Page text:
From Academic Kids

Élie Joseph Cartan (9 April 1869  6 May 1951) was a French mathematician, who did fundamental work in the theory of Lie groups and their geometric applications.
He was born in Dolomieu in Savoie, and became a student at the École Normale Superieure in Paris in 1888. After his doctorate in 1894, he took lecturing positions in Montpellier and Lyon, becoming a professor in Nancy in 1903. He took a lecturing position in Paris in 1909, becoming professor in 1912, and retiring in 1942. He died in Paris. He was the father of the mathematician Henri Cartan.
By his own account, in his Notice sur les travaux scientifiques, the main theme of his works (numbering 186 and published throughout the period 18931947) was the theory of Lie groups. He began by working over the foundational material on the complex simple Lie algebras, tidying up the previous work by Engel and Wilhelm Killing. This proved definitive, as far as the classification went, with the identification of the four main families and the five exceptional cases. He also introduced the algebraic group concept, which was not to be developed seriously before 1950.
He defined the general notion of antisymmetric differential form, in the style now used; his approach to Lie groups through the MaurerCartan equations required 2forms for their statement. At that time what were called Pfaffian systems (i.e. firstorder differential equations given as 1forms) were in general use; by the introduction of fresh variables for derivatives, and extra forms, they allowed for the formulation of quite general PDE systems. Cartan added the exterior derivative, as an entirely geometric and coordinateindependent operation. It naturally leads to the need to discuss pforms, of general degree p. Cartan writes of the influence on him of Riquier’s general PDE theory.
With these basics – Lie groups and differential forms – he went on to produce a very large body of work, and also some general techniques such as moving frames, that were gradually incorporated into the mathematical mainstream.
In the Travaux, he breaks down his work into 15 areas. Using modern terminology, they are these:
 Lie groups
 Representations of Lie groups
 Hypercomplex numbers, division algebras
 Systems of PDEs, CartanKähler theorem
 Theory of equivalence
 Integrable systems, theory of prolongation and systems in involution
 Infinitedimensional groups and pseudogroups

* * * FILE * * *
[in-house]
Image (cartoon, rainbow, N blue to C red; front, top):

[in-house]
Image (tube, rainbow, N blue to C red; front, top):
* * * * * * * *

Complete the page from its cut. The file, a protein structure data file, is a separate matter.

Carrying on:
Differential geometry and moving frames
 Generalised spaces with structure groups and connections, Cartan connection, holonomy, Weyl tensor
 Geometry and topology of Lie groups
 Riemannian geometry
 Symmetric spaces
 Topology of compact groups and their homogeneous spaces
 Integral invariants and classical mechanics
 Relativity, spinors
Most of these topics have been worked over thoroughly by later mathematicians. That cannot be said of all of them: while Cartan's own methods were remarkably unified, in the majority of cases the subsequent work can be said to have removed his characteristic touch. That is, it became more algebraic.
To look at some of those less mainstream areas:
 the PDE theory has to take into account singular solutions (i.e. envelopes), such as are seen in Clairaut's equation;
 the prolongation method is supposed to terminate in a system in involution (this is an analytic theory, rather than smooth, and leads to the theory of formal integrability and Spencer cohomology);
 the equivalence problem, as he put it, is to construct differential isomorphisms of structures (and discover thereby the invariants) by forcing their graphs to be integral manifolds of a differential system;
 the moving frames method, as well as being connected to principal bundles and their connections, should also use frames adapted to geometry;
 these days, the jet bundle method of Ehresmann is applied to use contact as a systematic equivalence relation.
There is a sense, therefore, in which the distinctive side of Cartan's work is still being digested by mathematicians. This is constantly seen in areas such as calculus of variations, Bäcklund transformations and the general theory of differential systems; roughly speaking those parts of differential algebra which feel that the existing, Galois theoryled model of symmetry is too narrow and requires something more analogous to a category of relations.
See also: